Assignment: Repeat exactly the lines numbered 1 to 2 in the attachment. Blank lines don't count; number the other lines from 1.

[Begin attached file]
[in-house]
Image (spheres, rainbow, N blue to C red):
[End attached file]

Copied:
[in-house]
Image (spheres, rainbow, N blue to C red):